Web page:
Find answers, ask experts and talk with the procurement community
Do you want to deliver savings faster, reduce risks and transform functional performance?
Industry leading events
Inspirational leading procurement thinkers and innovators, providing unique opportunities to network and share best practice.
Those of you who have been following the scandals surrounding Apple’s supply chain are probably aware of its recent decision to allow the largest investigation ever into a US company’s operations abroad. In February, Apple invited the Fair Labour Association (FLA), a prominent NGO to look at its factories in China, including those of Foxconn, which assembles iPhones and iPads for Apple, but also supplies to other companies including Dell, HP and Sony.
In a landmark agreement last week, Apple and Foxconn agreed to tackle deficiencies in working conditions. Actions include hiring tens of thousands of new workers, eliminating illegal overtime, improving safety protocols and upgrading workers’ accommodation and other amenities.
But here are some staggering revelations: nearly half of the 35,000 workers surveyed by the FLA expressed that their working hours were reasonable and 34% said they would like to work more hours to make more money. And only 18% thought that their working hours were too long.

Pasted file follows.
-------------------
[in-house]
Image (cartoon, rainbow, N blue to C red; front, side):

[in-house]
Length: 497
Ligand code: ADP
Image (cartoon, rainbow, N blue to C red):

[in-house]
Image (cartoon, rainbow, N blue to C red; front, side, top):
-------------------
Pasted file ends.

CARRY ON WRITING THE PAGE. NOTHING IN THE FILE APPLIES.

And yet, the first independent labour also revealed that Foxconn has been exposing its workers to more than 60-hour weeks. And sometimes working for seven consecutive days!
The solution: Foxconn has now committed to reducing weekly work time to the legal Chinese maximum of 49 hours and to make up for “lost" work time, it will raise hourly salaries.
Is this development, triggered by the involvement of a third-part auditor, truly going to change working conditions at Foxconn? And if I were to elaborate on that thought further, could third-party auditing be a potential solution to poor worker conditions in low-cost countries?
I typically take the stance that inspections and audit, no matter how they are conducted, are only providing a snapshot of a supplier’s operations. And how truthful this snapshot is, is an entirely new question. Let’s not forget the role that bribery could play in changing the outcome of an audit report.
But in the case of Apple, one could argue that the involvement of a third-party auditor such as the FLA is actually making an impact on worker’s conditions in China’s factory hubs. Arguably, the scenario economic scenario is somewhat ideal: wage inflation coupled with overall labour shortages in China makes employees more marketable in the sense that they are more likely to transition to another job to secure higher pay.
Now, the impact on Chinese working conditions overall may be marginal at best, but it might at least be a good start in the right direction.